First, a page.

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ADB extends $300m loan for China railway project
Updated: 2008-11-18 22:36

MANILA - The Asian Development Bank (ADB) said on Tuesday that it is extending a 300 million-US dollar loan for a railway line that will bolster economic growth in the poor western region of China.

The 820-kilometer Lanzhou-Chongqing line will be the first rail link from the northern city of Lanzhou in Gansu province, passing through Shaanxi and Sichuan provinces, to the southern city of Chongqing, a key manufacturing hub and a major exporter to the Greater Mekong Subregion, the Manila-based bank said in a statement.

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The Greater Mekong Subregion comprises Cambodia, China, Lao People's Democratic Republic, Myanmar, Thailand and Vietnam.

Nearly 17 million people live in the project area. Women and ethnic minorities will be given hiring preference to build and operate the railway line, which is estimated to cost US$8.6 billion to build.

"The project is expected to stimulate the development of industrial and natural resources and tourism, generate employment, raise living standards and help reduce poverty," said Manmohan Parkash, a transport specialist for ADB's East Asia Department.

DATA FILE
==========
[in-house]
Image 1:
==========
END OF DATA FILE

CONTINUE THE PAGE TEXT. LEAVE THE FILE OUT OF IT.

As the financing needs are substantial, funds are being tapped from several sources. ADB is providing a 27-year loan from its ordinary capital resources. The assistance is the largest single ADB project loan for China this year.

Two of China's largest banks, China Construction Bank and the Industrial and Commercial Bank of China, will jointly provide US$4 billion in loans. The country's Ministry of Railways (MOR) and the governments of Gansu, Sichuan and Chongqing will invest US$4.3 billion as equity, with MOR contributing 55 percent of the share, and the local governments providing the rest of the equity investment.

The railway track will be capable of handling double-stack containers, raising its carrying capacity over regular lines, reducing land use, and improving energy efficiency. Over 30 railway stations will be built and state-of-the art safety equipment will be installed.

To help create a "green corridor" along the rail route, ADB will, for the first time, finance environmental protection equipment worth nearly US$12 million. A switch in traffic from roads to the new rail link will result in significant cuts in fuel consumption and emissions of harmful carbon dioxide.

The proposed railway is part of China's strategy to expand infrastructure and stimulate growth in underdeveloped interior regions of the country.

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